I have yet to see covered in the news media exactly what provisions in the Workmen's Compensation system makes it burdensome on business or subject to abuse--nor what changes might make it less so. Can anyone fill in the specifics ?
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There have been some posts at capitolfax.com that provide some insight but I've not seen a concise and itemized list of identified problems. The most glaring issue I've read, however, is that medical fee reimbursement rates to doctors is something like the highest in the country and 3 times the national average. There was also a problem of the program administrators abusing the system to get payouts for themselves and others rather than protecting the interests of the state and its citizens and fairly administering claims as they should have been.
Doctors here in Illinois love Work Comp. I knew a couple of spine surgeons and they would have liked nothing better than to have a 100% Work Comp practice.
It would be interesting to study whether in Illinois one is more likely to end up with a spine operation if the insurance is Work Comp.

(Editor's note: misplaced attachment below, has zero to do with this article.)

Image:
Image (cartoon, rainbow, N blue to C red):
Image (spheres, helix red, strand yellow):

So it is true that Work Comp reimbursement is higher.
Would not surprise me what so ever.
When dealing with worker's comp cases I can tell a significant difference between our primary care doctor... and the doctors they choose when they don't like the primary care doctor's diagnosis. Doctors will cater to the patients wants because that is where the money is. I see the blatant abuse of the system time and time again and it's frustrating when you can do absolutely nothing about it and costing you a pretty penny in the meantime.
I understand the need to protect worker's right and the abuse can easily fall on the other end of the spectrum, but Illinois is pretty ridiculous. When working with our worker's comp management company who serves us nationwide, when dealing with a new claims adjuster I always get the "Oh... you're located in Illinois...." response. Having a system that is so easily abused takes the focus off the needs of workers who really are truly injured on the job.